891 1st Ave. (@ 50th St.) NYC
Maître d’, Owner and Executive Chef.: Anthony Curko
A far cry from its former incarnations as Copain (more notable for its location-use in the film “The French Connection” than its food) and Whylie’s, an on-again-off-again rib joint, Destino was a roaring success after just six weeks of operation, when it opened in 2006. Call it luck, Kismet or the power of publicity, but this pleasant east side Italian restaurant was still playing to a full house on the night of our visit. Customers were loving the traditional ‘home-style’ Italian cooking. Well, the chef-owner, Anthony Curko, is from the never-can-get-a-reservation Rao’s family.
And the causally elegant dining room is attractive with its bar-lounge, and large chandelier, as you enter and oil-on-canvas 40-foot Renaissance fresco on the ceiling. The main dining room may lack generosity in spacing its tables, but attractive leather banquettes, a lovely smoked mirror, soothing beige walls and loads of wall sconces create the right mood. On the downside, the noise level is high and the service, while friendly, can be slow. The greeting, by the attractive Anthony Curko,is warm and welcoming.
Not overly large portions guarantee a complete dining experience that will not have you walking away with that over stuffed feeling. A meal at Destino’s conjures memories of your Italian grandmother’s Sunday dinner, if she had lightened up the food, most of which is very good.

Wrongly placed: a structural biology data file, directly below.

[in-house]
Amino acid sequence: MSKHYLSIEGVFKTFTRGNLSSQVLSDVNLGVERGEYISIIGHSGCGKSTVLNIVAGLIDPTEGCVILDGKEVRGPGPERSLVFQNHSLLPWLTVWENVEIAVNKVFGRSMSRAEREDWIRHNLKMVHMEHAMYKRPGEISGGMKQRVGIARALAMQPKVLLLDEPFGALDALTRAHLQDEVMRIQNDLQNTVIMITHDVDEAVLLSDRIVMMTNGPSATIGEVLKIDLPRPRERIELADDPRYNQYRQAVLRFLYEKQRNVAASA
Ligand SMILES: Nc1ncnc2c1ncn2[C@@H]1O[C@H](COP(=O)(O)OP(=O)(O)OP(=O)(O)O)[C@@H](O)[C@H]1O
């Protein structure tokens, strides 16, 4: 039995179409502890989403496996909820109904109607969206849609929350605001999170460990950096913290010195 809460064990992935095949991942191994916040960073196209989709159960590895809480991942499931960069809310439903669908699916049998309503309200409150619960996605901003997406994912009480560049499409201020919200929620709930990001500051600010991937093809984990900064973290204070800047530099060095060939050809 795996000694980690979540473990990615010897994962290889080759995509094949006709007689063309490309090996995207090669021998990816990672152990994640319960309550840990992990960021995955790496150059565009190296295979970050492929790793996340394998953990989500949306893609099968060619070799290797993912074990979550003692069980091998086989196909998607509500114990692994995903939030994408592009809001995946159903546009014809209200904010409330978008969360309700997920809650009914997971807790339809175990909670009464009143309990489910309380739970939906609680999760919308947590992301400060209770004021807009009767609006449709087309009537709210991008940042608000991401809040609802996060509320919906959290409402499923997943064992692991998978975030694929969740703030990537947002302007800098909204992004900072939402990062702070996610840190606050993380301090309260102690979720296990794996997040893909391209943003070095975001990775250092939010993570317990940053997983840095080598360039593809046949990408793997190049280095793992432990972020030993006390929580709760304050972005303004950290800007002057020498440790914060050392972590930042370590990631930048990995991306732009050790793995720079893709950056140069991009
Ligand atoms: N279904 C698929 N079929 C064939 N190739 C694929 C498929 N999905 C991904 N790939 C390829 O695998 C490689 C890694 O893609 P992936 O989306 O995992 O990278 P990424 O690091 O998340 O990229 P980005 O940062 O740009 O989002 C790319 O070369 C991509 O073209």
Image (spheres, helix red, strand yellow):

Chef Curko’s, meatballs in marinara sauce are two hefty players that put most versions around town into second field. Eggplant Rollatino, gently stuffed with Mozzarella is deliciously grease-free. Two pastas, linguini in white clam sauce and spaghetti carbonara are both al dente as requested and perfectly sauced. In the entrée division, a Roasted Rack of Lamb in a Brown Sauce, with Asparagus, Roasted Potatoes and Cherry Tomatoes was nice, but was eclipsed by a outstanding chicken Scarpariello, served on the bone with hot and sweet sausage, peppers and onions.
Desserts are standard: the ubiquitous Tartuffo, cheesecake: well you get it. The wine list is just a few pages, but there are enough options under $50 to please(best value is the delightful Roero Arneis D.O.C. Traisorì, 2010) and drinks are generous and well made. They were still packing them in as we left and the host said the restaurant was heavily booked all evening So for an honest, affordable Italian experience in this part of town, book well in advance.
Copyright 2013 By Punchin International. All Rights Reserved.